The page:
12. A Strategy to Conduct an Analysis of the Long-Term Performance of Low-Activity Waste Glass in a Shallow Subsurface Disposal System at Hanford

    SciTech Connect (OSTI)

    Neeway, James J.; Pierce, Eric M.; Freedman, Vicky L.; Ryan, Joseph V.; Qafoku, Nikolla

    2014-08-04

    The federal facilities located on the Hanford Site in southeastern Washington State have been used extensively by the U.S. government to produce nuclear materials for the U.S. strategic defense arsenal. Currently, the Hanford Site is under the stewardship of the U.S. Department of Energy (DOE) Office of Environmental Management (EM). A large inventory of radioactive and mixed waste resulting from the production of nuclear materials has accumulated, mainly in 177 underground single- and double-shell tanks located in the central plateau of the Hanford Site (Mann et al., 2001). The DOE-EM Office of River Protection (ORP) is proceeding with plans to immobilize and permanently dispose of the low-activity waste (LAW) fraction onsite in a shallow subsurface disposal facility (the Integrated Disposal Facility [IDF]). Pacific Northwest National Laboratory (PNNL) was contracted to provide the technical basis for estimating radionuclide release from the engineered portion of the IDF (the source term) as part of an immobilized low-activity waste (ILAW) glass testing program to support future IDF performance assessments (PAs).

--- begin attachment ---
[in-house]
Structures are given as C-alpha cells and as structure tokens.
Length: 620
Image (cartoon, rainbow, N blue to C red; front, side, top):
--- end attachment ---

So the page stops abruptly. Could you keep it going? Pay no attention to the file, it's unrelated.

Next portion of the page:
13. Reduction of aspirin-induced fecal blood loss with low-dose misoprostol tablets in man

    SciTech Connect (OSTI)

    Cohen, M.M.; Clark, L.; Armstrong, L.; D'Souza, J.

    1985-07-01

    Misoprostol (SC-29333), a synthetic prostaglandin E1 methyl ester analog, was given simultaneously with acetylsalicylic acid in a double-blind, placebo-controlled randomized prospective study of 32 healthy human male subjects. Fecal blood loss was measured for eight days using the /sup 51/Cr-labeled red blood cell technique. Aspirin (650 mg qid) and misoprostol (25 micrograms qid) or placebo were given during days 3, 4, and 5. There was a significant (P less than 0.05) increase in median blood loss (modified Friedman test) from 0.81 to 6.05 ml/day in the aspirin with placebo group (N = 16). Median blood loss was increased (from 0.75 to 3.75 ml/day) in the aspirin with misoprostol group (N = 16), but this was significantly less (Mann-Whitney U test, P less than 0.01) than the placebo group. Mean serum salicylate concentrations in the placebo and misoprostol groups were similar (7.8 and 6.8 micrograms/ml, respectively). There were no significant changes in laboratory values in any of the subjects studied, nor were any major side-effects encountered. This study demonstrates that oral misoprostol reduces aspirin-induced gastrointestinal bleeding even when administered simultaneously and at a dose level below its threshold for significant acid inhibition. This indicates a potential role for misoprostol in the prevention of gastric mucosal damage in selected patients.